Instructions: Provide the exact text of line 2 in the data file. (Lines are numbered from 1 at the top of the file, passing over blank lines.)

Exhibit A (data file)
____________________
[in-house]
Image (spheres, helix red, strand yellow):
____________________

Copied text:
Image (spheres, helix red, strand yellow):